Welcome to the blog. Here you can find the latest industry and company news, read expert opinions on a variety of topics, and see other unique items that catch our attention. Feel free to join the conversation!

OSHA Compliance for Your Lamp Recycling Program

Tuesday, October 4, 2016
There is no issue more important, or more challenging to facility managers than safety within their operations. Did you know that President Obama signed legislation allowing a 150% increase in maximum penalties associated with regulatory citations?  According to Facilities Management Decisions, this could mean that a minor to serious violation could jump from $7,000 to $12,500 in fines, or from $70,000 to $125,000 for repeat of willful violations.

When it comes to handling fluorescent and other mercury containing lighting, there are two risks that must be addressed in your management plan. These lighting wastes are made of glass and easily broken, which introduces the risk of handling shards of glass. Additionally, since fluorescent lighting is under vacuum, they implode and often impact multiple lamps if they are being stored together in one container. More importantly, when a lamp breaks, it releases mercury vapor into the work space which can be a real concern. osha-cta-2 With the Bulb Eater® 3 lamp crushing system, employee safety is at the forefront. The system is designed for crushing spent lamps safely and efficiently into 55-gallon drums.  Mercury vapor testing consistently shows non detectable levels of mercury vapor in the operator’s breathing zone.  Providing comprehensive training on safe machine use is recommended and available online.  The Bulb Eater® 3 Certified Training program is an online, 3-step program covering Bulb Eater® 3 assembly, operations, safety and maintenance. The program includes a training video, training quiz, and certificate of completion. To ensure the safety of facilities managers and their team, the Bulb Eater® 3 is inoperable until key personal have completed this online training program.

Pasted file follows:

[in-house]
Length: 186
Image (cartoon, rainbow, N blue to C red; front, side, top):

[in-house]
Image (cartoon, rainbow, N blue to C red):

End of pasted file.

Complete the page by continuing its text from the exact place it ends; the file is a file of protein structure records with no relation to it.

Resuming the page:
Employing a lamp recycling plan that minimizes the handling of spent fluorescent lamps, captures potential emissions, provides recycling reports, and includes a convenient training program is a step in the right direction to surviving OSHA inspections and avoiding penalties for non-compliance.


Post a Comment

Subscribe to Post Comments [Atom]

<< Home